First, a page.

Co-founder and co-CEO, MallforAfrica
Five years ago, most Nigerian residents found it difficult — if not impossible — to shop online retailers based in America or Britain. Many of these retailers, whether because of challenges related to customs or fraud schemes, simply wouldn’t ship direct to Africa-based consumers.
Thanks to Tope Folayan ’01 and his brother Chris, there’s now a solution to that problem. MallforAfrica, an online ecommerce company launched by the siblings in 2013, serves as a safe passageway whereby retailers based in the U.S. and U.K. can make transactions with consumers based in Nigeria.
Serving as a virtual mall of sorts, MallforAfrica provides shoppers with access to more than 150 retailers, including Macy’s, J.Crew, Bloomingdale’s and Amazon. Consumers use pre-loaded MallforAfrica debit cards to pay for the goods, and then the company places orders with retailers on its customers’ behalf. Retailers send the goods to one of MallforAfrica’s warehouses in the U.S. or U.K.; from there, the company ships the products directly to its customers’ homes, offices or choice pickup location in Africa. In exchange for the service, MallforAfrica charges customers a small percentage (3 to 5 percent) of the merchandise cost.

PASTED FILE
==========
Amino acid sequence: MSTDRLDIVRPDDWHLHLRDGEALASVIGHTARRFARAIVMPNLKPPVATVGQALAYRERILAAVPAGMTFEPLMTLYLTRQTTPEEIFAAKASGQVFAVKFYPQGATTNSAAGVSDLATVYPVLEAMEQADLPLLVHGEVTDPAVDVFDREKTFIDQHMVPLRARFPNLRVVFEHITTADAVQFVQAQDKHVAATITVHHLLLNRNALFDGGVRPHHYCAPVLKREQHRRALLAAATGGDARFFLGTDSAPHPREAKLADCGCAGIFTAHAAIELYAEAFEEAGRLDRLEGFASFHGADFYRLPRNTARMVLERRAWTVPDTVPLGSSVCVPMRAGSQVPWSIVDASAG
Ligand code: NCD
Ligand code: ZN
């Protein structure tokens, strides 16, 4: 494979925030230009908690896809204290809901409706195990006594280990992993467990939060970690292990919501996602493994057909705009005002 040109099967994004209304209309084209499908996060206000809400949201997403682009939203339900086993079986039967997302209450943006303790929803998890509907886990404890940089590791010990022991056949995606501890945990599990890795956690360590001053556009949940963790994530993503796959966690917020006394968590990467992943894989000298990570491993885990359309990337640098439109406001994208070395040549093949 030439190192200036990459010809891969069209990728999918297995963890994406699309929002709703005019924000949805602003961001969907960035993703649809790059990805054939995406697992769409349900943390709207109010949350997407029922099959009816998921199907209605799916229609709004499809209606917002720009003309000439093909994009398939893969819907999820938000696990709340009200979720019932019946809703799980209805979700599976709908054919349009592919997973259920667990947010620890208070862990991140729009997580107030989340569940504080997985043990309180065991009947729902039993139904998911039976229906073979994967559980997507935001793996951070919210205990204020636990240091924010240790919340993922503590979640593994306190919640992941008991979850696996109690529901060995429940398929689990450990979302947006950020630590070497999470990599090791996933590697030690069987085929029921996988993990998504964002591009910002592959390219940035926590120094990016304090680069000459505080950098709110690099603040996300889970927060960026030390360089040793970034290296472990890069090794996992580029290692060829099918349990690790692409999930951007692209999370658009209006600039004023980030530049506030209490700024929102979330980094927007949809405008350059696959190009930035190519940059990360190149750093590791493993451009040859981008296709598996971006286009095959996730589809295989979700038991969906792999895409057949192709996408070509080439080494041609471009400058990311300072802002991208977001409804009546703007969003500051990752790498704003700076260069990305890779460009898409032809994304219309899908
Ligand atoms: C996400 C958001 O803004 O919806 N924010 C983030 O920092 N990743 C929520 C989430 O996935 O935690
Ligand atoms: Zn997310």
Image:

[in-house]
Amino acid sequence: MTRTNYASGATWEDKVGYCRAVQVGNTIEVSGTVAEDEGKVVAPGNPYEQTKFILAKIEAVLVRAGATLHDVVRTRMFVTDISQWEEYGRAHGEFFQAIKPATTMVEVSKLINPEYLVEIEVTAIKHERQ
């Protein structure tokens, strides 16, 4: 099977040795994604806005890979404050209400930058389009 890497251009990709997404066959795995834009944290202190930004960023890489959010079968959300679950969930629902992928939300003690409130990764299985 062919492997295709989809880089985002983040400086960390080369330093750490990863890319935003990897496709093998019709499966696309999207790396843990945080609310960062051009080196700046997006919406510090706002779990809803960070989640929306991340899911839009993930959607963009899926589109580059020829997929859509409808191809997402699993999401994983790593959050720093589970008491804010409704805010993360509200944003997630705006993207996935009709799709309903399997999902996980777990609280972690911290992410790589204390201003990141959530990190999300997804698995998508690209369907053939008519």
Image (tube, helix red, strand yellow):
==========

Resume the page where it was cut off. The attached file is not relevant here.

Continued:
With MallforAfrica, Folayan has effectively bridged a gap between two worlds — and fixed an issue that once brought him personal frustration. Years ago, after living and studying the United States for several years, the Nigerian native returned home with his American shopping habits still intact. After discovering that many merchants wouldn’t accept orders from his Nigerian address, Folayan arranged to have his packages sent to his brother Chris, who lived in California. Chris would then forward the packages to Folayan in Africa.
After receiving one too many packages on his brother’s behalf, Chris — whose background is in IT — made a simple app to streamline the purchasing and delivery process. A few months later, strangers started showing up at Folayan’s front door, asking about deliveries. Chris’ app, as it turned out, had been passed around.
Annoyed at the unwelcome intrusions, Folayan rented a space down the street from his house, and had people ship their deliveries there. "Someone should have hit me on the head," Folayan says. "I thought it was an inconvenience I was getting rid of."
Quite the opposite, as it turns out. MallforAfrica has more than 50,000 subscribers, 26 pickup centers in Nigeria, 8.5 billion items and plans for expansion across Africa. The incredible nature of that growth isn’t lost on Folayan. “There’s a little bit of euphoria,” he says.